The Best Travel Books of 2010
Travel Books: Frank Bures surveys the year's most intriguing titles and offers a few gift ideas
12.09.10 | 12:10 PM ET
Until last spring, when the unpronounceable volcano (Eyjafjallajökull) exploded in Iceland, it seemed like we’d almost forgotten that we are a world on the move. But with airspace over parts of Europe shut down for nearly a month, we were reminded of just how much travel has become a part of modern life, how much we depend on planes, trains and automobiles to get us from one place to another. Similarly, some writers still remind us there is magic in travel. Here are some of the books from 2010 that do that best.
Country Driving by Peter Hessler
Several in this year’s literary travel highlights were road books. Peter Hessler’s “Country Driving: A Journey Through China From Farm to Factory” is a brilliant evocation of modern China and its conundrum, as Hessler drives far into the now-emptied empire. (Related: World Hum interview with Hessler and book excerpt.)
Travels in Siberia by Ian Frazier
A bit to the north, humorist Ian Frazier takes us along on several forays into the Russian hinterlands in “Travels in Siberia,” a masterpiece of humor and exploration, with Frazier serving as the best possible companion.
The Lunatic Express by Carl Hoffman
Carl Hoffman’s fate-tempting title, “The Lunatic Express: Discovering the World Via Its Most Dangerous Buses, Boats, Trains, and Planes,” is not the “Jackass” knockoff it sounds like, but rather a thoughtful look at the lengths average people go to simply to get around. (Related: World Hum interview with Hoffman and book excerpt.)
Boozehound by Jason Wilson
Travel writers, like the rest of the world, are also becoming more aware of what they put in their mouth, and several of this year’s best offerings reflect that. In “Boozehound: On the Trail of the Rare, the Obscure, and the Overrated in Spirits,” Jason Wilson searches the world for the secrets behind old, regal liquors, lambasts the “vodkatini,” champions Chartreuse, and provides recipes for his favorite cocktails.
A Moveable Feast, edited by Don George
Meanwhile, in the non-Hemingway category, the venerable travel editor and writer Don George has collected tales of food and travel in his new anthology, “A Moveable Feast: Life-Changing Food Adventures Around the World.” The collection features everyone from celebrity chefs like Anthony Bourdain to World Hum coeditor Jim Benning and contributors Pico Iyer, Doug Mack, Larry Habegger and Elizabeth Eaves.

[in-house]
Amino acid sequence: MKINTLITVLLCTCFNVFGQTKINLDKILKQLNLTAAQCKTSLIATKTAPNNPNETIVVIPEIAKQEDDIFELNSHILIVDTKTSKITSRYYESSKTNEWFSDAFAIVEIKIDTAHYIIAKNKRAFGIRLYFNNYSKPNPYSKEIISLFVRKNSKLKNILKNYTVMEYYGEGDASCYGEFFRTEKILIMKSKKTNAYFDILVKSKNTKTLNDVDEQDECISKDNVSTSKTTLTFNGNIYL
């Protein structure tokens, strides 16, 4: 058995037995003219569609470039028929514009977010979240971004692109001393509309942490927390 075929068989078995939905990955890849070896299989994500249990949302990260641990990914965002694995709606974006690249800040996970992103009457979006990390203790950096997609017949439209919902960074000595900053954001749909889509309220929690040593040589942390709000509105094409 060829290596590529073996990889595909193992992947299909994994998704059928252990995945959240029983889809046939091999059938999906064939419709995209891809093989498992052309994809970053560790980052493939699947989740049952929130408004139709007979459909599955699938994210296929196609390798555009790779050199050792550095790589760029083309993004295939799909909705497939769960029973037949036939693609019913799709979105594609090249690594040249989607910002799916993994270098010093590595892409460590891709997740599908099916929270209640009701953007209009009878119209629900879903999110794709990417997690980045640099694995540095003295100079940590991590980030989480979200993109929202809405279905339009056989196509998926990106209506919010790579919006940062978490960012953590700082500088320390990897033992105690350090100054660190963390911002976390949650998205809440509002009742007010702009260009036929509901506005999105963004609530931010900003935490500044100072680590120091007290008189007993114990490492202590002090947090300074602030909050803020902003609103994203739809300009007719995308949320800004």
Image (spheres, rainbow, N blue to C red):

What I Eat by Peter Menzel and Faith D’Aluisio
But perhaps the most interesting food-travel book is neither of those, exactly. Peter Menzel and Faith D’Aluisio’s “What I Eat: Around the World in 80 Diets” is a brilliant look at what and how the world eats. The two traveled to about 30 countries, photographed 80 people and had them lay out all the food they eat in a typical day: pickled cabbage in China, cornmeal porridge in Kenya, seal meat in Greenland. Besides the centerpiece shots of the people and their meals, there are lush daily-life photos, as well as essays by Wendell Berry, Michael Pollan and others throughout the book.
The Travel Book, edited by Roz Hopkins
A few other good gift books for the traveler—armchair or otherwise—are the Lonely Planet’s bigger and better edition of “The Travel Book,” a giant slab of wanderlust-inducing photos that takes you through every country in the world by way of a two-page spread and a bullet-pointed list of things there to see, books to read, when to go, etc.
The Best Art You’ve Never Seen by Julian Spalding
Also in the vein, and probably one of the most fascinating and important of such books, is Julian Spalding’s “The Best Art You’ve Never Seen,” which lists works of genius such as the Jean-Baptiste Pigalle sculpture “Voltaire Naked,” the John Singer Sargent painting “Gassed,” or the Chinese “Mogao Caves,” and other “hidden gems” that few people venture off the trail to see.
The Woman Who Fell From the Sky by Jennifer Steil
Meanwhile, in the fish-out-of-water department, Jennifer Steil’s “The Woman Who Fell From the Sky: An American Journalist in Yemen” is an entertaining and insightful look at her year spent working at the Yemen Observer amid the Danish cartoon scandal, which her paper published.
The Wave by Susan Casey
For the more science-minded traveler, Susan Casey’s “The Wave: In Pursuit of the Rogues, Freaks and Giants of the Ocean” takes readers on a high-octane trip in search of the world’s giant waves, while also unpacking the fascinating mysteries behind them.
Book Lust to Go by Nancy Pearl
But if these aren’t enough, this year even the Nation’s librarian, Nancy Pearl, has gotten the travel bug, and has come out with a book just for traveling readers: “Book Lust to Go: Recommended Reading for Travelers, Vagabonds, and Dreamers,” which has recommendations for travel books to read for just about every place on Earth, so no matter where you go, you’ll have pages of travel before you.